Ken Leighton 1:45 p.m., July 27
A Canopy of Sundays
3. Hollywood Hills
4. In The Reel
Players - Itai Faierman on guitar, moog, vox; Erica Putis on bass, vox, & Neal Bociek on drums.. Recorded w/ Mike Kamoo @ Earthling Studios in just under three days.
In late 2011, the Mashtis released a seven inch vinyl record A Canopy of Sundays, recorded with Mike Kamoo at Earthling Studios in San Diego. It came with four additional songs on downloadable cards, in a limited edition run of 250 copies with collectible art packaging. “The concept idea for the cover art,” says Faireman, “comes from some of the artwork on hardcore singles I collected growing up on the east coast, from bands like Quicksand, Dinosaur Jr, and Fugazi: gritty, black and white.”
Faierman says he’s satisfied with the band’s new direction. “It’s music that I would listen to.” For one thing, he says there is less of the Elliot Smith and Pixies influence in the band that took its name from a Hollywood ice cream shop.
“We’ve really moved away from all that and finally arrived at our own thing. It’s a sound I can finally call Mashtis. It’s different. It’s really in your face.” For them, it is. A quick preview demonstrates a new comfort with volume. These songs are meant to be played loud, which hasn’t always been the Mashtis brand. Indeed, Faierman is still the primary songwriter, but this time around he says the other Mashtis also had input into the arrangements.
“I’ve written a lot of music in the past,” he laughs, “that I wouldn’t listen to.”
Itai Faierman was born on an army base in Israel but his South American parents raised him in New York City. In 2000, he moved to a Zen monastery housed in what had at one time been a roadside motel down in San Diego’s South Bay.
Before coming to San Diego Faierman had played in hard rock bands around NYC. And prior to the Mashtis, he and Bociek goofed off in a loud-ass Sonic Youth-inspired noise band that went nowhere career wise but that laid the ground work for future collaborations. They didn’t have a clue about where it was going, but there was surety in one thing: the addition of a full drum kit was having an effect on Faierman’s writing.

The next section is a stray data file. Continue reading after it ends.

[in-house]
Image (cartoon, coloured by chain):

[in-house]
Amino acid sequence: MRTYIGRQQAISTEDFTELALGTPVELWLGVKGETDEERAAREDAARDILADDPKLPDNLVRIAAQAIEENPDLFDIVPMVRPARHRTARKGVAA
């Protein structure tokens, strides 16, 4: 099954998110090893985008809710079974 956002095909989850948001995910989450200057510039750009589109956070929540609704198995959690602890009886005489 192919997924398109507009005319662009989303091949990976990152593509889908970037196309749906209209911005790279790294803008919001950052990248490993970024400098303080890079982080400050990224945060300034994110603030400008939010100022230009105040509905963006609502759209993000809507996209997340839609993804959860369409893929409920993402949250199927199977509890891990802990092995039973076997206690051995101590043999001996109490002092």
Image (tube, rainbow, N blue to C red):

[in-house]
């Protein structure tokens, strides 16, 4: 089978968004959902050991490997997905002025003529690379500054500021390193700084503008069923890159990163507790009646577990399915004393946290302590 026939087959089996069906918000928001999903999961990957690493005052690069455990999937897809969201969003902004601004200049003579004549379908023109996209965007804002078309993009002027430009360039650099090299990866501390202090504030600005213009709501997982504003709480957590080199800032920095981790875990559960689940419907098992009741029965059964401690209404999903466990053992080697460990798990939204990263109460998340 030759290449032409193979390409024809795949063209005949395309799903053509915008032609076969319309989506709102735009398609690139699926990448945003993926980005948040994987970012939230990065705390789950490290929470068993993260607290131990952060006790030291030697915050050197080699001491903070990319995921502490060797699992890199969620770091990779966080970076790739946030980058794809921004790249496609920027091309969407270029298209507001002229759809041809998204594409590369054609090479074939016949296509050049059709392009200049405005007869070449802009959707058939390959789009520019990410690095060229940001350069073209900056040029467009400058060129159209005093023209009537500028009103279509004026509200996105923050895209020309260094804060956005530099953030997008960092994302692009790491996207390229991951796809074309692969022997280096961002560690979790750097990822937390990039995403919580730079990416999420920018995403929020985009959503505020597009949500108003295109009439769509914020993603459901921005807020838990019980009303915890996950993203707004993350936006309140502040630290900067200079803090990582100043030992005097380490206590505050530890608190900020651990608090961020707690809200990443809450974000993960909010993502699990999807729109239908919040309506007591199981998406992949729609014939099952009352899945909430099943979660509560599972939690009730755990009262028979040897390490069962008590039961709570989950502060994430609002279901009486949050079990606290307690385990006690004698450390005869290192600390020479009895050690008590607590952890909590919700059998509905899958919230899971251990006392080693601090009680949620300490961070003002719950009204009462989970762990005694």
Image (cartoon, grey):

Today, the new Mashtis sound is partly a product of Faierman’s sweet tooth for Gibson Les Pauls. When the group began he was playing both acoustic and a variety of solid body Fenders through a fifteen-watt practice amp that nevertheless delivered great tone. At gigs, Faierman powered the little amp through a PA in order to keep pace with Bociek’s drum kit.
But even though 2010’s eponymous full-length was at times a whispery collection of girl/boy songs, Bociek’s kick drum pushed Faierman’s guitar, and singing, into overdrive. In turn, Faierman began to write songs like “Better Than That” that work better with the whole band rather than at the all-acoustic showcases at venues like Hennessey’s or Brick By Brick that Faierman still plays on occasion.
Faierman has since upgraded to a Fender Twin, the loudest of all mid-size amps, and now it is Bocieck who must keep up. Otherwise, Erica Putis has always been suitably amped. She is a self-trained lyrical bassist who sings backup and in the beginning of the Mashtis told stream-of-consciousness jokes (spurring Pixies comparisons among some members of the home town rock press) at the mic while Faierman was still experimenting with alternate tunings and only had coin for one guitar. Now, he has an arsenal of them.
It has been two years since the Mashtis released their eponymous debut in 2010. “Our first album sounds so slow by comparison,” Faierman says. “The new collection is way faster and upbeat.” In the years pre-Mashtis there was a hiatus of close to four years for the Mission Hills based singer-songwriter which he broke with 2009’s solo CD Sunbed Tapes. There were issues of health and relationship to deal with and, he went back to school. Faierman is a Special Ed school teacher by trade.
The new songs sum up a feeling that Faierman calls uplifting loss. “Like regrettably getting rid of a negative, a lifelong habit, or a deep friendship that's dying that you know can never truly be let go of and, in a sense, don't want to see go.” Other themes include desire, guilt, consciousness, and the death of rock n' roll.